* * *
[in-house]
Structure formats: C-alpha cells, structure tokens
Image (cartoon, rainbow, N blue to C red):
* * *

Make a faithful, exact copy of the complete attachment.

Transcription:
[in-house]
Structure formats: C-alpha cells, structure tokens
Image (cartoon, rainbow, N blue to C red):